• Explore: explore the present moment, because right now, in this moment, all is well. Notice your breathing and the sensations of your breathing. Notice the ground beneath you. Look around and notice what you see, what you hear, what you can touch, what you can smell. Right now. Then shift your focus of attention to something else – on what you need to do, on what you were doing before you noticed the worry, or do something else – mindfully with your full attention. 

Make your home office a nice one 

In an article for Ottawa Business Journal, Erin Blaskie, director of marketing for management tools app Fellow, shares how she has set up her working space to be one she loves working from.  

“In normal times, I have a computer set up in our home office in the basement, but I don’t enjoy spending my working hours down there where the natural light is scarce. So, when I’m working from home for long periods of time, I set up shop on the dining room table … This may be difficult for phone calls though so it’s worth having a backup space to move to for calls – even if that means having them in your bathroom,” she writes.  

Having natural light in your workspace can impact your mental health positively, too. According to a 2014 study in the Journal of Clinical Sleep Medicine on the ‘Impact of windows and daylight exposure on overall health and sleep quality of office workers’, “workplaces without windows have [a] significantly negative impact on workers … due to physical problems and vitality, as well as a marginal negative impact on workers' mental health compared to workplaces with windows”. The research acknowledges “several studies” that suggest that “both natural and artificial bright light, particularly in the morning, can improve significantly health outcomes such as depression, agitation, [and] sleep”.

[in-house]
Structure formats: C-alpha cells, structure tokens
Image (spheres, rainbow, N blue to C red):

If you’re struggling to access natural light in your workspace, taking a walk outside on your lunch break can also help. 

Take a break from social media 

Not only can social media be distracting to your working schedule, it could also be damaging to your mental health.  

If you find the posts you are looking at distressing, try having breaks from social media and muting things that might damage your mental health. In Brewer’s BBC article she quotes Alison, a 24-year-old who has “health anxiety and feels compelled to stay informed” and research the current Covid-19 situation.  

Alison says: “A month ago I was clicking on hashtags and seeing all this unverified conspiracy rubbish and it would make me really anxious and I would feel really hopeless and cry.” Brewer writes that now Alison is more careful about which social media profiles she visits and is avoiding exploring the hashtags on the topic. Brewer also recommends muting keywords that could be ‘triggering’ on Twitter and unfollow/mute accounts, and also mute WhatsApp groups if you find them too overwhelming.  

What do you find helps ease your mind while working from home? Leave your comments below.  

Seen a blog, news story or discussion online that you think might interest CISI members? Email bethan.rees@wardour.co.uk.
Published: 20 Mar 2020
Categories:
  • Management/Training & Competence
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  • Operations
  • Community
  • The Review
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Tags:
  • featured
  • stress
  • social media
  • remote working
  • mental health
  • Covid-19
  • anxiety